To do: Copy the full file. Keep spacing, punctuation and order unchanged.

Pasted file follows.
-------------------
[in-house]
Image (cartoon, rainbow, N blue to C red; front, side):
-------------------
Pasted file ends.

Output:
[in-house]
Image (cartoon, rainbow, N blue to C red; front, side):